In our future energy systems we will pretty often see times where, let’s say, a sudden storm front brings heaps of cheap and green and beautiful but, alas, in that particular time unneeded wind power into the system. And we will see times where the opposite happens: a sudden shortage of wind and solar power. What can we do about it?
You will quickly turn to battery storage as the key solution. Batteries can physically store excess power and feed power back into the system when there is a shortage in the market/grid. A great solution, no question about it. But is it also the cheapest solution? Looking at the fundamentals and the current numbers of battery technology when asking if battery storage will be the key solution to the fluctuation challenge of renewables, we should think again:
- Utility-scale stationary batteries – just like pumped-storage hydroelectricity – have only one purpose: To provide flexibility to the energy systems on high-voltage transmission levels. Thus, flexibility is the only way they can make money.
- In order to make most of the impressive features of the technology, a battery should be deployed a lot, meaning many charge and discharge cycles in a short period of time. This is not ideal for storing electricity over a longer period of time. Or to put it differently: The longer a battery is holding on to the electricity it has stored, the less lucrative it will be.
- Large-scale batteries to support the grid are not cheap yet. The German utility STEAG is investing 100 million Euros into six battery systems amounting to 90 MW. This means one MW of batteries comes at 1.11 million Euros or 1100 Euros per kW. Just for comparison: German Baywa r.e. are planning a 176 MWp solar park in Spain, installation costs are expected to be at 700 Euros per kWp. Thus it is still cheaper to produce power than to store it. Sure, battery costs will hopefully decrease just like the costs of PV have decreased, but for the moment these are the numbers we have to work with.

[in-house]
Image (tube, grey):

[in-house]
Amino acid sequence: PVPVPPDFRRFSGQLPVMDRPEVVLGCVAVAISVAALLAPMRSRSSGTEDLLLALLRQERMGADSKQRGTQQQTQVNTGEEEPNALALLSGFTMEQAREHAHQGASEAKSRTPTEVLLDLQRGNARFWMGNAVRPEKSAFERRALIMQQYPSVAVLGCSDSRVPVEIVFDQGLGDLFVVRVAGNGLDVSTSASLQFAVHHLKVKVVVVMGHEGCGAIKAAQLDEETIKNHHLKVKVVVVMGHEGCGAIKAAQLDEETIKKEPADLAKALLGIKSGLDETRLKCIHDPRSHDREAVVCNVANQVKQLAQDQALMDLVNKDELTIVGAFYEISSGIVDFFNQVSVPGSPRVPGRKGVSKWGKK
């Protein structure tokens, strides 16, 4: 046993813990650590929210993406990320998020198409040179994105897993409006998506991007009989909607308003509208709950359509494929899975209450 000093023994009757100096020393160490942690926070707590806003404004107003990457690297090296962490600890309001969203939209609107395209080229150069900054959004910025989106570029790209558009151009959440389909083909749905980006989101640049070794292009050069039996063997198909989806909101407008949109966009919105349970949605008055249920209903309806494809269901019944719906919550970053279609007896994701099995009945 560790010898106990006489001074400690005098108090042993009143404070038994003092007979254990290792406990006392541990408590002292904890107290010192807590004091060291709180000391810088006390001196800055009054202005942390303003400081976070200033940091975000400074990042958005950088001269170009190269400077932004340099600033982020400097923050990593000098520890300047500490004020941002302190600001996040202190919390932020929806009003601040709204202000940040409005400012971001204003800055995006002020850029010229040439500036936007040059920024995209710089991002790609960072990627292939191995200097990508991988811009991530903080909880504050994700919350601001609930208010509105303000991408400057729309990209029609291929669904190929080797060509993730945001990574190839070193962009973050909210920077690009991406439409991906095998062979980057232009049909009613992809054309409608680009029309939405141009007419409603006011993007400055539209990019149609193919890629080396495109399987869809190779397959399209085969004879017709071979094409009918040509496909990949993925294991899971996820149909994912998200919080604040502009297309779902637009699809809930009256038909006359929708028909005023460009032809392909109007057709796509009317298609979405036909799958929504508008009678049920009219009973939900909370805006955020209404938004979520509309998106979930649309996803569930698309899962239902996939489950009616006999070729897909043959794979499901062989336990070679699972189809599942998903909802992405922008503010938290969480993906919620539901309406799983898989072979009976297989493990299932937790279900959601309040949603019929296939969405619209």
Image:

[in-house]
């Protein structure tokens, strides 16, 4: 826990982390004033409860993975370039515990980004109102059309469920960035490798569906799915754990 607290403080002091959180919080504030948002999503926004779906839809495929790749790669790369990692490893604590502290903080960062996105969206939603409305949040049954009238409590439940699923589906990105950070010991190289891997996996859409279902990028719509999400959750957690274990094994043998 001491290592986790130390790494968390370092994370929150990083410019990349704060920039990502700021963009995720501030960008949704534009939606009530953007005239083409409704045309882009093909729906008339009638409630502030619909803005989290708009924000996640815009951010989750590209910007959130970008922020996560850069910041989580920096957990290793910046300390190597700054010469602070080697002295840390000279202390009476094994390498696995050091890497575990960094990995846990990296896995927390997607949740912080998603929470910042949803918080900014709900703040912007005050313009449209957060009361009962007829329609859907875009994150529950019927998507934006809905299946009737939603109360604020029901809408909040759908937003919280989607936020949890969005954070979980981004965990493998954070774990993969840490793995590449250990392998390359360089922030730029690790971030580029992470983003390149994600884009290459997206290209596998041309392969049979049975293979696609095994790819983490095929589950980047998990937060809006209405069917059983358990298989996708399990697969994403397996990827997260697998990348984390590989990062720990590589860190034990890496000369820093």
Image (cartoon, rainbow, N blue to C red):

So we should also think of other solutions for the fluctuation challenge of intermittent renewables until battery costs have significantly come down. Luckily, batteries are not the only assets which can provide flexibility to the energy system in the new energy world. Every CHP unit has flexibility, even the backup capacity unit in your local supermarket or high school. Most run-of-river hydropower stations have flexibility. And many power consumers can also provide flexibility to the system if they are able to be flexible in terms of when to take power out of the grid. What are the differences between these assets and a stationary battery?
- Their flexibility is a byproduct. Their core function is to produce power, heat, or both, or – when it comes to demand response – to produce whatever product the particular electricity consumer needs its electricity for. And since their flexibility is a byproduct, it is pretty cheap.
- They are small and they are many. They are usually too small to provide flexibility to larger systems like the grid on their own.
- They have ample and individual restrictions. Some have more flexibility than others. Some have flexibility only in wintertime. Some only in summertime. And on it goes…